The other arguably became the rarest Superman comic in history — and the only one created to celebrate a bar mitzvah.
Godfrey Bradman, who died this month at 86, was a London accountant turned property developer who, in the words of the Times of London, “virtually invented the modern tax avoidance industry.” Back in 1988, the bar mitzvah of his son Daniel was approaching. Daniel was a big fan of Superman, so Mr. Bradman commissioned a custom comic book that would feature Superman, Daniel, and other family members for a rumored $18,000.
The writing assignment went to Mr. Levin.
It was an eight-page story, with a longer reprint filling out the 32-page book. The exact print run is unknown, but it is believed to be around 200 copies.
“It was fun to do,” Mr. Levin said.
The art assignment was given to Curt Swan, who had drawn most of the Superman comics since before young Dan Levin picked up his first comic in 1964, but who had just been replaced by a younger artist. “It was one of the last Superman comics he drew,” Mr. Levin said.
“I got to write a Superman story drawn by one of my favorite artists. It never looks the way you imagine it in your head, but when someone like Curt Swan draws it, it looks way better.”
Mr. Levin’s most recent project also has a Jewish angle: A pandemic-era film project called “Viral Vignettes.”
“It was about a week into the lockdown. I was home, I was bored, and I said, ‘Let’s make a movie!’ I called some friends of mine who were famous actors and said what if we did short vignettes of people having scripted conversations, comedies, over Zoom or Facetime or whatever?”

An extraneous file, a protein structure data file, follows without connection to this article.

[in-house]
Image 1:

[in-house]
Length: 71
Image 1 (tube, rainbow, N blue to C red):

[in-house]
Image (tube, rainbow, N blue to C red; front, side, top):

Among the actors performing in the 12 vignettes were Don Most, who played Ralph on “Happy Days,” and Max Gale, who played Detective Stan “Wojo” Wojciehowicz on “Barney Miller.”
The episodes were put up on YouTube and they raised money for the Actors Fund. Now, Mr. Levin is shopping it around as a feature film.
Episode 11, “Pass the Matzoh,” featured Michelle Green, who played Abby Perkins on “L.A. Law,” a woman trying to convince her mother, played by Renée Taylor, who played Fran Drescher’s mother on “The Nanny,” that their 2020 Passover seder would be held over Zoom.
“Mom, this will be better than you think!” Michelle says. “We can get hundreds of people!”
To which Renée replies: “How am I going to feed hundreds of people?”
“It’s very uplifting and it’s very funny,” Mr. Levin said of the story.
The project “was fun, was amazing, it kept us all a little bit sane. It was a great creative outlet when there was no scripted content happening anywhere.”
Who: David Levin
What: Talk on “Jews and Comic Books”
When: 9 a.m. Sunday, January 22
Where: Temple Emeth, 1666 Windsor Road, Teaneck
How much: free to attend or to take part via Zoom; to get the Zoom link, email Byachad@emeth.org or call Temple Emeth at 201-833-1322.